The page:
Sleep apnea is associated with many serious health risks, including heart disease and cancer. Now new research suggests it may damage your liver as well.
Morbidly obese patients with sleep apnea have a high risk for non-alcoholic fatty liver disease (NAFLD), but until now no one has known whether that’s because both are effects of obesity or if sleep apnea actually contributes to the risk of NAFLD.
A new study reveals, however that sleep apnea may increase your risk of NAFLD sevenfold.
What Is NAFLD?
The liver helps your body process nutrients and energy from your food and, along with the kidneys, helps filter your blood. NAFLD is a condition in which fat accumulates in the liver cells, which is known as steatosis. As the liver swells, it may begin to develop scars, which we call fibrosis in its early stages and cirrhosis in later stages. If cirrhosis gets bad enough, liver function is impaired and the liver may fail.
Most people with NAFLD don’t report symptoms until the condition is serious. Common symptoms include fatigue, loss of appetite, and abdominal pain, which some people may ignore or attribute to other conditions, further delaying treatment.
Sleep Apnea and NAFLD
In this new study, researchers tried to separate the risk of NAFLD for obese individuals who either had or did not have daytime sleepiness (used as a stand-in for sleep apnea). They evaluated sleepiness using two common tools, the Berlin Questionnaire (BQ) and the Epworth Sleepiness Scale (ESS). They compared the incidence of steatosis and fibrosis between individuals with or without daytime sleepiness.
They found that daytime sleepiness was correlated with a NAFLD risk 7.1 times higher than for those without daytime sleepiness.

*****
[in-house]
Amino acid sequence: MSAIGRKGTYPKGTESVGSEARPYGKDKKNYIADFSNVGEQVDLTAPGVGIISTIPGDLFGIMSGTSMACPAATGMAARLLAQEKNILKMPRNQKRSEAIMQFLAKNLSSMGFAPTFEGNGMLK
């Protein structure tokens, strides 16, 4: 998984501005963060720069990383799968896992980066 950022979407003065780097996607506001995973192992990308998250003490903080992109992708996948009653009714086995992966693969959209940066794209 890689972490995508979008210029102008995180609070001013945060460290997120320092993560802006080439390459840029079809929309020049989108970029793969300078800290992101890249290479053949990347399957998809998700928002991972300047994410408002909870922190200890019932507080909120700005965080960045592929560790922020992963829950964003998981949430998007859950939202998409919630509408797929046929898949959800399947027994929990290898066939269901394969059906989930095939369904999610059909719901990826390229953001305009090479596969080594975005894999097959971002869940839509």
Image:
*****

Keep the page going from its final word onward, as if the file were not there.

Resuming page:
Limitations of the Study
It’s important to know that sleep apnea may also result in liver damage, but it’s also good to remember that this study is very preliminary and takes a few shortcuts. For example, the study doesn’t actually compare people with sleep apnea and those without sleep apnea, it looks at daytime sleepiness using questionnaires. The BQ and ESS are both good preliminary tools for identifying people who should be tested for sleep apnea, but they don’t stand in for an actual sleep test.
The study also has a pretty small sample size, which limits the validity of the data. They only had 13 individuals who were positive on both the BQ and the ESS. The results do show a higher risk with daytime sleepiness, but if you look at the 95% confidence interval (a statistical range that shows we’re 95% sure the actual risk is somewhere in the range), it’s very large, from 1.7 to 51.
With such a large range, we’re not really sure whether this is a large risk or a small one.
Still, liver disease is another good reason why you should talk to your doctor (or a sleep dentist) about sleep apnea. To learn more call the TMJ Therapy & Sleep Center of Colorado at (303) 691-0267.